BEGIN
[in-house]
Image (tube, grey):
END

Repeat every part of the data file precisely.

[in-house]
Image (tube, grey):